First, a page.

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02. Durango

Wandering around the monuments of the old quarter is tantamount to taking a walk through the town’s fascinating history.

The town is also a cultural hub, and at weekends is a bustling hive of events and activities. Every December it celebrates a prestigious book and record fair, during which it becomes a meeting place for all those interested in Basque culture and the Basque language.

There are many interesting places to visit in the town, including the Kurutziaga Museum, Kurutziaga Calvary, Lariz Tower, several stately homes and the town hall (the façade of which contains paintings from the 18th century), San Pedro de Tabira Church (16th century), a Franciscan monastery (16th century) and the new Landako neighbourhood.


Old Quarter

There are two main churches in the old quarter of Durango: Santa Ana Church and Santa María de Uribarri Church, which stand at opposite ends of the historic enclave. Santa Ana Church is a baroque building located next to the archway of the same name. Santa Ana Arch is one of the old entrance gates to the town.

At the opposite end of the old quarter stands the gothic Santa María de Uribarri Church, which contains one of the most spectacular and original wooden porticos in the Basque Country. The Santa María de Uribarri portico has long been used as a meeting place by local inhabitants, and a place to shelter from the sun or the rain.

The old quarter of Durango is full of life. It is by far the best place to enjoy a pintxo (mini bar snack) and try our local cuisine. Moreover, throughout the year, many different activities linked to gastronomy are organised here, including, for example, the Ardo Saltsan delicatessen fair, which is held in March.


Santa Ana Arch

The Santa Ana Arch is Durango’s most prominent symbol. It is the only surviving archway of the six that once graced the town’s wall. Built in the baroque style, it dates from the 16th century, although it was redesigned and rendered even more spectacular during the 18th century.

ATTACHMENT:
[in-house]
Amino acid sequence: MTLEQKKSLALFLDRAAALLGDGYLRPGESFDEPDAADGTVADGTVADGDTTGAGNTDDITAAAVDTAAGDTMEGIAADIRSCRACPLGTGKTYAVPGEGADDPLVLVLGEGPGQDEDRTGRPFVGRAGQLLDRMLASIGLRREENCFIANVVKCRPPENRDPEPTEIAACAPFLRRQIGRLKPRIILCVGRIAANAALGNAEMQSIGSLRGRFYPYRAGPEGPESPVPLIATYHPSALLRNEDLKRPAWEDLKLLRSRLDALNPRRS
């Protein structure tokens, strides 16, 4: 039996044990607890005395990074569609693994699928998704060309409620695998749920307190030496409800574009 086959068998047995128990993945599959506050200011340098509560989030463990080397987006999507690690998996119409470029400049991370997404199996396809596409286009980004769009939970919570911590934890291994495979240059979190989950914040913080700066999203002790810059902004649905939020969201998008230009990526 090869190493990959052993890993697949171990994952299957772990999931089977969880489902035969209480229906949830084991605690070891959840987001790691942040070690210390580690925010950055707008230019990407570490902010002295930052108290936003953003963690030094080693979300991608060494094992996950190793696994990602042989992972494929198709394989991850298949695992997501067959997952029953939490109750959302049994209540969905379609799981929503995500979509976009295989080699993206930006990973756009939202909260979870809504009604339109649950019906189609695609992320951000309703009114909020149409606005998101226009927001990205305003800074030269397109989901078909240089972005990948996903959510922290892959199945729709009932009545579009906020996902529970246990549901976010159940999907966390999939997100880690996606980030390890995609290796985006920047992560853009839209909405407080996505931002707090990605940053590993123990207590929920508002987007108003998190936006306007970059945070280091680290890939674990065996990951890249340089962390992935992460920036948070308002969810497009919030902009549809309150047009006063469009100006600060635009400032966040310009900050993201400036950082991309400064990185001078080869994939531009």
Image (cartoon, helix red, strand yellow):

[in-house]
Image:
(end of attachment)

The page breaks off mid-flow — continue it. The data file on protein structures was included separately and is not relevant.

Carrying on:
Through the Fish and Wine Trail, it linked the Kingdom of Castile to the coast of the Bay of Biscay, as well as to Bizkaia and Gipuzkoa.


Santa María Portico

Nuestra Señora de Uribarri Basilica was completed during the 15th century and has a magnificent wooden portico, the largest of its kind in the Basque Country. The upper structure is made from wood and rests on 11 columns, 9 pilasters and two walls of the basilica itself.

During the bombing of Durango, the portico and some of the larger areas of the basilica were almost completely destroyed. The building we see today is the result of the restoration work carried out after the Spanish Civil War.


Kurutziaga Calvary

This Gothic-style calvary was built at the end of the 15th century on the site known as Kurutziaga, formerly used for burning heretics and witches.

The carvings at the bottom of the cross represent sin and sorrow, followed by the Church and the Gospels; and those at the top represent salvation and forgiveness.


  • Historic quarter

  • Lariz Tower

  • Town Hall

  • Old quarter

  • Kurutziaga Calvary, Kurutzesantu Museum

  • Museum of Art and History

  • Nuestra Señora de Uribarri Basilica

  • Santa Ana Arch and Church

  • Marketplace

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